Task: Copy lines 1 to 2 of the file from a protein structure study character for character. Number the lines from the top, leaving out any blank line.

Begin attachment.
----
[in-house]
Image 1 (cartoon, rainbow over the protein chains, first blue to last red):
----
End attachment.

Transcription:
[in-house]
Image 1 (cartoon, rainbow over the protein chains, first blue to last red):